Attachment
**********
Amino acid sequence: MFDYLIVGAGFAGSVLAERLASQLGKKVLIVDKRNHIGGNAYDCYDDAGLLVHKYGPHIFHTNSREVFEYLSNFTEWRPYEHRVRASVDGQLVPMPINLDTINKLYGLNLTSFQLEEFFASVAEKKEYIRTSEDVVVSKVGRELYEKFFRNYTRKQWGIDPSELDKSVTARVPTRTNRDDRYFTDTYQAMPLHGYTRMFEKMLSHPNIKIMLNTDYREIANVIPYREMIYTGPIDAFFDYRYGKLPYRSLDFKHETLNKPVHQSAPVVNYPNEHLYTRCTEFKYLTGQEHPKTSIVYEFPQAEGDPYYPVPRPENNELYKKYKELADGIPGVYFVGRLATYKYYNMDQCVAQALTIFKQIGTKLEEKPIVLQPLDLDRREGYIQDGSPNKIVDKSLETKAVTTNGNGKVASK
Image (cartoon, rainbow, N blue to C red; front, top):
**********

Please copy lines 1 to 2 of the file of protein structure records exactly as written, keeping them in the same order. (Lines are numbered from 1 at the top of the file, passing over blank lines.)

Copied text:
Amino acid sequence: MFDYLIVGAGFAGSVLAERLASQLGKKVLIVDKRNHIGGNAYDCYDDAGLLVHKYGPHIFHTNSREVFEYLSNFTEWRPYEHRVRASVDGQLVPMPINLDTINKLYGLNLTSFQLEEFFASVAEKKEYIRTSEDVVVSKVGRELYEKFFRNYTRKQWGIDPSELDKSVTARVPTRTNRDDRYFTDTYQAMPLHGYTRMFEKMLSHPNIKIMLNTDYREIANVIPYREMIYTGPIDAFFDYRYGKLPYRSLDFKHETLNKPVHQSAPVVNYPNEHLYTRCTEFKYLTGQEHPKTSIVYEFPQAEGDPYYPVPRPENNELYKKYKELADGIPGVYFVGRLATYKYYNMDQCVAQALTIFKQIGTKLEEKPIVLQPLDLDRREGYIQDGSPNKIVDKSLETKAVTTNGNGKVASK
Image (cartoon, rainbow, N blue to C red; front, top):